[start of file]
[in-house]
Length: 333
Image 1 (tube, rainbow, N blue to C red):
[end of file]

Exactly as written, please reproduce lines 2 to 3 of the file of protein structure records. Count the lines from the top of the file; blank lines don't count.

Length: 333
Image 1 (tube, rainbow, N blue to C red):